The current budget again does not seem sympathetic to general Pakistani consumers. Imposition of 15 per cent GST on edible oil translated within days into Rs.10 or more increase in ghee and vegetable oil price per kg. There is nothing in the financial document that shows any, resolve on the part of the government to address the needs of ordinary folks. This would not only affect consumers choice pattern but depending on their actual financial standing, it will drive many to give up or curtail expenditures that they previously could afford.

It is a harsh reality that the silent majority which Gen. Musharraf claims to be his supporters have been treated most callously by the present government. The people are loosing patience and now widespread resentment is gaining ground against government policies allowing increased in the tariff of utilities like gas, electricity, petrol and telephone charges. This has partly led to increase in the prices of large number of essential food items making the life of common man more miserable during the past two years. The agony of this scenario has been multiplied by the ongoing exercise of downsizing in almost every government and semi-government organizations where again the majority of the victims belong to lower classes.

Anger is brewing up slowly amongst the poor and lower middle classes who were in the forefront to welcome the new government from whom they expected some relief for those who were finding difficult to survive in their honest income. Even Nawaz Sharif government was scared of public reaction and hesitated to allow increase in prices of petrol and gas, levy of GST on electricity bills, increase in local call charges and line rent which directly hit poor and lower middle classes. All these unpopular decisions have been taken by the present government which thinks itself immuned from public reaction.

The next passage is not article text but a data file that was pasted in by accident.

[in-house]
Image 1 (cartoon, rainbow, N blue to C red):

As against this government has found many reasons to be soft on bank defaulters and holders of tax evaded black money in billions. Government whitened black money to the tune of over Rs.100 billion against a payment of just 10 per cent while honest tax payers had been paying upto 25 per cent of their income as taxes. Bank defaulters are being treated softly because of the consideration of revival of economy. Wealth tax has been abolished altogether to favour the moneyed class. As against this rates of profit on small savings has been reduced by over 30 per cent from 17/18 to 10/11 per cent during the last one and a half year. As a result, hundreds of thousand of retired and old people who are living on the profit of their life long saving have been subjected to untold misery as their monthly income has fallen by about 30 per cent while the costs of living is constantly on the rise. Adding salt to their wounds these people are told that it was necessary to reduce the rate of profit on their savings as the government was keen to advance loans to industrialists at reduced rate of interest to promote its economic revival programme.